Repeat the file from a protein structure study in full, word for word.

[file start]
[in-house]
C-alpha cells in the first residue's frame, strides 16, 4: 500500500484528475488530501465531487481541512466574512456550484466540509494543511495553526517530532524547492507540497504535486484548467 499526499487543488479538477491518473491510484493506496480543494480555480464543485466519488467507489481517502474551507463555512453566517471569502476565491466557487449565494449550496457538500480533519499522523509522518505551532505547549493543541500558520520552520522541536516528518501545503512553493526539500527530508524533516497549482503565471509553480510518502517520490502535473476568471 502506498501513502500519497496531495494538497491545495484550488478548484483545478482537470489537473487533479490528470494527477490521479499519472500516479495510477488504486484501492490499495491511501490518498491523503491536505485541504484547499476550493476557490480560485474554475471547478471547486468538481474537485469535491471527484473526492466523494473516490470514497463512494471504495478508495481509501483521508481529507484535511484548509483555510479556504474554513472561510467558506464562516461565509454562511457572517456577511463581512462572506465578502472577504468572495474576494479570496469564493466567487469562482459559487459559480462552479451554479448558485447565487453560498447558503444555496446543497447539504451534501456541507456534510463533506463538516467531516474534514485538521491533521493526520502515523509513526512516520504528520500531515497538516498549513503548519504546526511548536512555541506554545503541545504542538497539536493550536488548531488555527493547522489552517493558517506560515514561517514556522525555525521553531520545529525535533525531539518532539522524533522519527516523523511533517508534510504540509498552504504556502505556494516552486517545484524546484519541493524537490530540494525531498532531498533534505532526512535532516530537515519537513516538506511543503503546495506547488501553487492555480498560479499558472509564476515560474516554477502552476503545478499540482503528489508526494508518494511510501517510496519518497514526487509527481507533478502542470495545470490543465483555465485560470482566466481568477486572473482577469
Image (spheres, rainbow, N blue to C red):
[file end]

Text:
[in-house]
C-alpha cells in the first residue's frame, strides 16, 4: 500500500484528475488530501465531487481541512466574512456550484466540509494543511495553526517530532524547492507540497504535486484548467 499526499487543488479538477491518473491510484493506496480543494480555480464543485466519488467507489481517502474551507463555512453566517471569502476565491466557487449565494449550496457538500480533519499522523509522518505551532505547549493543541500558520520552520522541536516528518501545503512553493526539500527530508524533516497549482503565471509553480510518502517520490502535473476568471 502506498501513502500519497496531495494538497491545495484550488478548484483545478482537470489537473487533479490528470494527477490521479499519472500516479495510477488504486484501492490499495491511501490518498491523503491536505485541504484547499476550493476557490480560485474554475471547478471547486468538481474537485469535491471527484473526492466523494473516490470514497463512494471504495478508495481509501483521508481529507484535511484548509483555510479556504474554513472561510467558506464562516461565509454562511457572517456577511463581512462572506465578502472577504468572495474576494479570496469564493466567487469562482459559487459559480462552479451554479448558485447565487453560498447558503444555496446543497447539504451534501456541507456534510463533506463538516467531516474534514485538521491533521493526520502515523509513526512516520504528520500531515497538516498549513503548519504546526511548536512555541506554545503541545504542538497539536493550536488548531488555527493547522489552517493558517506560515514561517514556522525555525521553531520545529525535533525531539518532539522524533522519527516523523511533517508534510504540509498552504504556502505556494516552486517545484524546484519541493524537490530540494525531498532531498533534505532526512535532516530537515519537513516538506511543503503546495506547488501553487492555480498560479499558472509564476515560474516554477502552476503545478499540482503528489508526494508518494511510501517510496519518497514526487509527481507533478502542470495545470490543465483555465485560470482566466481568477486572473482577469
Image (spheres, rainbow, N blue to C red):